China is sparing no effort to ensure its first-ever G20 summit passes off perfectly, enforcing measures to close factories, offer English lessons to elderly residents and even a $1.5-billion giveaway to get some to leave town.
China is determined to impress the leaders of the world’s 20 biggest economies due to attend the Sept 4-5 summit in the eastern city of Hangzhou, whose lakefront scenery has inspired generations of painters and poets. Preparations range from a ban on flights by drones, or model aircraft sent aloft by hobbyists, to restrictions on the guests hotels may host, besides nearly 700 projects to refurbish expressways and waterworks.
Among the residents enthusiastic to help during the summit is retiree Yu Huier, 74, who plans to use her newly acquired English skills to help visitors find their way around her neighbourhood. “If I see President Obama, I will say ‘Welcome to Hangzhou!'” she told Reuters, unfurling a list of English phrases handed out by community officials that included remarks such as “Hangzhou is paradise” and “You are handsome”.
Feelings range from glee to annoyance over the efforts to get ready the city of 9 million people, home to Chinese e-commerce giant Alibaba Group Holdings, and highly polluting industries such as steel and textiles.
“The whole city has become a huge building site,” said Quan Hao, a 24-year-old information technology worker, who bemoaned the scaffolding and fences crowding many streets. “We have suffered from the dust and traffic for almost a year.” Foreign dignitaries will be the first to enjoy many of the improvements, however.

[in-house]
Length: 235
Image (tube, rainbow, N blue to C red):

In a notice seen by Reuters, police have ordered hotels around the city’s scenic West Lake to accept only summit-related bookings in the three weeks to Sept. 7, even if this means having to turn away tourists in the usually busy summer. Authorities have declared a week-long holiday for the summit, and the government is giving away travel vouchers worth 10 billion yuan ($1.5 billion) to encourage city residents to visit tourist attractions elsewhere and to reduce congestion, regional media have said.
“It’s painful to look for a place to live,” said university student Xu Hailun, who passed on a summer internship after plans to rent a flat in Hangzhou fell through four times, because of a police crackdown on short-term leases. About 250 factories in surrounding provinces have been ordered to shut from Aug. 24 to Sept. 6, a move reminiscent of Beijing’s efforts to banish smog from its skies during the APEC summit of 2014 and the 2008 Olympics.
One taxi-driver said he would use the travel vouchers to leave during the summit, provided he got time off. “The main roads will be blocked,” lamented the man, who gave only his surname, Yao. “We’ll have no business during the summit.”